REVIEW: Categorizing with Cornel Notes

A diagram showing a sheet of lined paper divided into the Cornell Notes method of note-taking


Princess Faye Tabios, Features Co-Editor

Cornell notes, a system of note-taking developed by Dr. Walter Pauk, a professor who taught at Cornell University in the 1950s. It is designed to consist of four categories; the title at the top, keywords and questions on the left, notes on the right, and a summaries tab located at the bottom of the page.

What Are Cornell Notes For?

The Cornell notes method is a way for students to take information and organize it into separate branches that correspond to the topic of any lesson. What this format does is allow students to interact with their notes and remember details in an orderly form. This means that when a student rediscovers their notes for a test, they have the option to differentiate larger bodies of text from key information. Students will then be led to question information before summarizing their notes at the very end. 

“Students who really interact with their notes typically do a lot better on the test,” says Mr. Miller, a government and former AVID teacher at Vanden High School. His previous role in AVID required him to teach Cornell notes to students for college preparation. 

Now he requires his students in government to work on their notes every two weeks before test-taking.

Kurtis Sheff, an AVID student at Rodriguez High School states that compared to other forms of note-taking, Cornell notes make notes more legible and easier to read compared to studying with paragraphs of text copied from a book. The purpose of Cornell notes is to ensure that students have an easier time transmitting information into long-term memory. 

Creating a Title and Writing Notes

When starting Cornell notes, include a title at the top and a main notes section below on the right-hand side of the paper. 

While the title section allows students to identify the topics they are looking to study, students record information in the main notes section. Images of charts, graphs, and symbols may also be included in this section. 

If students were to return to their text at the end of the year where the majority of exams take place, they can find the topic in the title. Having a title lets students know the field of information that is being covered if they were to forget the location of their notes. Sheff states that he prefers to keep his titles brief so it does not take too much space on the page.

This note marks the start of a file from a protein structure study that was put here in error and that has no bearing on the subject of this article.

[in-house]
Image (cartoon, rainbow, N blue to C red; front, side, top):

Below the title, the main notes section contains details from the lesson that students label as significant, rather than taking on the appearance of large paragraphs. It is also where students have the option to draw out charts, graphs, and other images to represent the notes they took. 

Abudalla Mulumba, a senior at Vanden High School, recommends keeping the main notes section as simple as possible, leaving out unnecessary information. 

Implementing Keywords, Questions, and Writing Out Summaries

After the title and main ideas section, there are two other sections in Cornell notes; keywords and questions, and the summary section. These two sections represent the students’ responses to their notes. Questions and keywords section are placed in the left quadrant, next to specific main ideas, while the summary section takes every main idea and shortens them into one paragraph—or 3-5 sentences. 

After completing the title and main notes section, students start the next stage of their Cornell notes page by questioning the main ideas they have written and further condensing them into keywords. 

Once the three previous sections are complete, students can go on to write the summary of their notes. This section takes every main idea and compresses it down into a paragraph that summarizes the entire lesson. 

Is It Worth It? Reviews from Students

When it comes to Cornell notes, students at Vanden have similar opinions of this system. They conclude that this system excels in getting students to return to their notes, but seniors creating questions did not deliver the results they were looking for.

“I think that Cornell Notes are a nice and simple way of keeping the notes for your classes organized and well put together,” says Kaitlynn Capps, a senior at Vanden High School who looks for emphasis in vocabulary when writing out notes, while keeping the layout split up into sections. 

When writing questions, Mr. Miller recommends his government class come up with questions based on how he would ask them during class or in tests in hopes that they would respond with answers that are just as complex. Students at Vanden experience setbacks in this area of studying.

“You could never truly come up with a question that will match in a test which could be extremely detrimental,” says Mulumba.

Similar to Mulumba, seniors Kaitlynn Capps and Aaliyah Jean Villarette, find creating questions in Cornell notes to contrast from how they learn in general. 

Students who are looking for a system with a categorized format should look to using the Cornell notes method, though a percentage of students struggle with the questions portion due to the extension of steps it takes to develop them. 

“The key to Cornell notes is to write your notes in a way that you can understand,” says Sheff.